Regarding the new amazing album Leprous released this year, and since they had two live shows in Greece, I thought it would be awesome, at least, to have an interview with Einar Solberg and discuss a lot of things about “The Congregation” and Leprous in general. What a prog moment in time!
On behalf of JustIn Case Prog Radio, I would like to welcome you in Thessaloniki.
ES: Thank you very much!
It’s your third time in Greece and your first time as a headliner. Yesterday you played in Athens. How do you feel?
ES: So far the response has been overwhelming and considering it’s our first headliner show in Greece I’m very satisfied that we had, yesterday, a more or less sold out show and very good feedback from the audience. It’s really awesome to be back here again.
Moving on to your new album, “The Congregation” I would like to congratulate you on it. I think it’s been very well accepted by the audience. It seems to be the darkest album you have released so far. What inspired you to write such a dark album, both musically and lyrically? What were your feelings?
ES: Firstly, let’s just say that regardless of how I feel, I always prefer dark and depressive music, so regardless ofmy mood, melancholic music appeals more to mein general. That being said, it was a very tough period for me, lots of things were going on, and during that period I literally forced myself to write a lot of material. I guessit was a natural step for it to take a dark approach, even though I think “Coal” has some of that same dark darkness in it.
So, is there a concept behind this album?
ES: I wouldn’t call it a concept. There is a kind of a theme which is the dangers of following something blindly which is why we are using a metaphor like ”The Congregation”.But all of the lyrics are different branches of that main tree.
Is the artwork related to it, and generally what’s with the artwork? It’s pretty dark as well.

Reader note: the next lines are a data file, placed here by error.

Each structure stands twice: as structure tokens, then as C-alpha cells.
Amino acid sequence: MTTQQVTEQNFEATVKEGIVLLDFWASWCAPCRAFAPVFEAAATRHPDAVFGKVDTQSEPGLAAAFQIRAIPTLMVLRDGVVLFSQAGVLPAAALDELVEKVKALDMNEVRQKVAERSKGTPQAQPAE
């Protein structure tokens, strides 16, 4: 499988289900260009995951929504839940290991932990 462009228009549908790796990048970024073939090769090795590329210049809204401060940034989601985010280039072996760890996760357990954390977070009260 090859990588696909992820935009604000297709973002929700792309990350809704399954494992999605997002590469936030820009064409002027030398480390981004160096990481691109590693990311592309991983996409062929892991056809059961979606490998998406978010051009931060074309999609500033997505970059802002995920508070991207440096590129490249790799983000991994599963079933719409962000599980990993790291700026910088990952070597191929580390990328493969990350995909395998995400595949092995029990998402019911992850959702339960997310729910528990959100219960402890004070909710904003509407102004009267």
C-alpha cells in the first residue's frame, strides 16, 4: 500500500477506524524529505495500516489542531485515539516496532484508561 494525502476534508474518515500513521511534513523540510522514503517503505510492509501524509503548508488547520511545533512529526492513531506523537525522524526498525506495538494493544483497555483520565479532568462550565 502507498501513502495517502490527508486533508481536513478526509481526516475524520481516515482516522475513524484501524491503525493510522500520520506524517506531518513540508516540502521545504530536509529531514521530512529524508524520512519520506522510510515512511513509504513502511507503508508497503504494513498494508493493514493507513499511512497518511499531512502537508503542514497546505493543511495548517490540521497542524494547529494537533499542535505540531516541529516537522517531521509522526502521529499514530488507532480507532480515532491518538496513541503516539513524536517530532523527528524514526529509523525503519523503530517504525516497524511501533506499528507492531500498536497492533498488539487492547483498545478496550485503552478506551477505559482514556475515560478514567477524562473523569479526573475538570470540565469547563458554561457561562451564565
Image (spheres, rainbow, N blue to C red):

ES: The artwork, it shows the deformation and the destructiveness that’s gradually happening in a way, with our self-comforting and short term way of living.
It is noticeable that in this album, you have changed your sound a lot in comparison with your previous releases. For example: there are more melodic parts, and "cleaner" vocals. Do you feel that this was part of the band's natural progress or was it a change that had to be made?
ES: I don’t think I see more clean vocals on this than on the previous. I think it’s pretty much similar. There was more screaming on “Tall Poppy Syndrome” but that was a long time ago. Maybe what you are referring to is that “Coal” and “Bilateral” both had one song that was primarily with screaming vocals but the rest was pretty melodic stuff, actually. I would say that, for example, “Bilateral” is a much more melodic album than this new one. But I think the new album is catchier though.
Yes that’s true! So how do you approach writing and recording an album? Do you work as a band together and compose or everyone by himself?
ES: We had different approaches, but in general, this time it was me who wrote “sketches” on the computer and then sent them to the others. They learned them and then we tried to play them and we selected the best ones.
Now let’s talk about shows. What’s your routine, in personal level, before a show? How do you prepare yourself for each night of a tour?
ES: It depends on my shape. Like today, I would warm up for an hour at least since I have a very rusty voice today so I’m struggling a bit with that. It needs more than twice as long to warm up than it normally does.
How did Leprous go from corpse paint and silver pants to black suits? What changed throughout the years of band's existence?
ES: We started as a young band and the youth is the period of your life you figure out who you are. Lots of things going on around the camera right now…
[And indeed, lots of things were going on. At that moment, since the interview took place outside the venue, a little girl interrupted our interview by coming to us and playing her accordion…] Sorry about that… Anyway, you were talking about the silver pants!
ES: Yeah! I guess most people who are a bit alternative, they try out different stuff and they land on something. I wouldn’t put so much significance in those silver pants (laughs!).
But surely it was a fun picture to see! Moving on, what do you expect from today's show? What are your expectations about the tour in general?
ES: In general, things are going really well on this tour. Now, we are on a kind of small pre-tour to the main tour so we are travelling light, without the full production, in a way, because we are flying and there are limitations to what we can bring. If it’s going to be anything like yesterday, I expect a lot from today’s audience.
What are you planning to do after the tour?
Write music again!
Last question. Any hints for struggling musicians or bands out there?
ES: Never give up! Always evaluate yourself. Don’t be afraid of analyzing and throwing away ideas and don’t be too proud to admit that what you are doing can be better. That’s one of the main things to do to get better: to be humble towards the fact there is always something you can do better.
So that’s all I had, maybe you would like to add something?
ES: It’s fantastic to be back in Greece again, and it will definitely not be that long before we come back again.